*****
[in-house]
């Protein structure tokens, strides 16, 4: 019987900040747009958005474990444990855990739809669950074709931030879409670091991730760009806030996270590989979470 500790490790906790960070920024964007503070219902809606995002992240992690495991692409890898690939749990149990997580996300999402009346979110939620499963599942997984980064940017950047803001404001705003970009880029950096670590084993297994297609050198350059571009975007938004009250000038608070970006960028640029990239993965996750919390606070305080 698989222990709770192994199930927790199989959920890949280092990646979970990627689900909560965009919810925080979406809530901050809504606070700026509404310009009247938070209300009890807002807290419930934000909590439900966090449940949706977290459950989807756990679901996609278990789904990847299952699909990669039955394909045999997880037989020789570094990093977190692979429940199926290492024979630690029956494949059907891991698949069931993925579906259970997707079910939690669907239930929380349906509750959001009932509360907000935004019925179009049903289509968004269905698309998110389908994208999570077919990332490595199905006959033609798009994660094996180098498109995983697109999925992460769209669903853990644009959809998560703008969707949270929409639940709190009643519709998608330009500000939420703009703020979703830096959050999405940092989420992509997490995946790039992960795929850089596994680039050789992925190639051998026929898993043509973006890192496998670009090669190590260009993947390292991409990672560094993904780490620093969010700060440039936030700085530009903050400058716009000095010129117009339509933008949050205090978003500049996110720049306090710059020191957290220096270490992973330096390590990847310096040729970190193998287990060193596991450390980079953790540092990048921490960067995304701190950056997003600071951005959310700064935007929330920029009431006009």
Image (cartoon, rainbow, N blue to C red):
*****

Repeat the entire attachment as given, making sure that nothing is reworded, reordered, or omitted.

[in-house]
């Protein structure tokens, strides 16, 4: 019987900040747009958005474990444990855990739809669950074709931030879409670091991730760009806030996270590989979470 500790490790906790960070920024964007503070219902809606995002992240992690495991692409890898690939749990149990997580996300999402009346979110939620499963599942997984980064940017950047803001404001705003970009880029950096670590084993297994297609050198350059571009975007938004009250000038608070970006960028640029990239993965996750919390606070305080 698989222990709770192994199930927790199989959920890949280092990646979970990627689900909560965009919810925080979406809530901050809504606070700026509404310009009247938070209300009890807002807290419930934000909590439900966090449940949706977290459950989807756990679901996609278990789904990847299952699909990669039955394909045999997880037989020789570094990093977190692979429940199926290492024979630690029956494949059907891991698949069931993925579906259970997707079910939690669907239930929380349906509750959001009932509360907000935004019925179009049903289509968004269905698309998110389908994208999570077919990332490595199905006959033609798009994660094996180098498109995983697109999925992460769209669903853990644009959809998560703008969707949270929409639940709190009643519709998608330009500000939420703009703020979703830096959050999405940092989420992509997490995946790039992960795929850089596994680039050789992925190639051998026929898993043509973006890192496998670009090669190590260009993947390292991409990672560094993904780490620093969010700060440039936030700085530009903050400058716009000095010129117009339509933008949050205090978003500049996110720049306090710059020191957290220096270490992973330096390590990847310096040729970190193998287990060193596991450390980079953790540092990048921490960067995304701190950056997003600071951005959310700064935007929330920029009431006009």
Image (cartoon, rainbow, N blue to C red):